This post was originally posted on Forbes.com on MAR 29, 2018. You can access the original post here.
Last week, leading retailers gathered in Las Vegas for Shoptalk, one of the world’s largest conferences for retail and e-commerce innovation. With over 8000 attendees, retailers were eager to discuss the future of retail and how to innovate in this rapidly changing landscape. Conference speakers included executives from large retailers like Amazon, Walmart and Target, as well as smaller startups like Glossier, Away and M. Gemi.
After three days at Shoptalk, I discerned five common themes among leading retailers that are winning the game against Amazon.
1. Ecommerce gets more personalized. We’ve heard about personalization for a long time (as covered in my NRF trends piece), but retailers continually raise the bar.
Nike is all over this space. Its Nike+ Run Club mobile app tracks runs and incorporates famous athletes for coaching and inspiration. The app learns about customers’ running habits so Nike can offer customers products based on daily needs. According to Adam Sussman, Nike’s Chief Digital Officer, the company uses the app to suggest perfect shoes based on your running style. And for night runners, they recommended a jacket with reflectors.
Additionally, Nike’s SNKRS Stash app unlocks exclusive products and limited additions according to the customer location. The app is used to do virtual sales in limited edition launches for collectors and enables Nike to segment sneakerheads from performance customers. Since launch, monthly actives have grown 300%.
Jeff Gennette, the CEO of Macy’s, also mentioned personalization on stage. Not only is Macy’s revamping Macys.com and the mobile app, it’s also enabling Macy’s beauty advisors to interact with shoppers on social media to help them create outfits from the department store’s newest collections. Whether through technology or in store, retailers are making customers feel like every experience and interaction with the company is bespoke.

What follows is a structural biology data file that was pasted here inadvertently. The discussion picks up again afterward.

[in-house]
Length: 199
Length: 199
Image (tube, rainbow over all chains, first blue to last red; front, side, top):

2. Well-designed loyalty programs drive repeat sales. Loyalty isn’t a new customer retention trick, but few programs actually engage customers and keep them spending. But when they do, the results can be staggering, as with Ulta Beauty and Nike.
Ulta Beauty’s Ultimate Rewards program has 27.8MM members. The program awards points for purchases and other benefits, like free shipping on orders over $25 and access to exclusive events. With 90% of shoppers using Ultimate Rewards, Mary Dillon, Ulta Beauty’s CEO, knows the program has a substantial impact on Ulta Beauty’s bottom line.
Nike’s rewards program, NikePlus, offers exclusives, points, expert advice and early access to products. According to Sussman, NikePlus members spend 4x the amount of non-members , proving again that, when done right, loyalty programs drive sales.
3. Authentic relationships turn customers into active advocates. While obvious, it’s much easier said than done. Authentic relationships are borne from a continuous conversation with customers and providing high levels of satisfactory customer service across key channels.
Glossier built its brand on authentic customer engagement, effectively differentiating itself within the crowded beauty market. Emily Weiss, the founder and CEO, saw a flaw in the beauty industry’s approach of making customers feel like beginners. Instead, she created a beauty company that empowered its customers, letting them share experiences as a way to educate and activate others. This approach yielded fantastic results for Glossier: today, most customers find its products through social recommendations.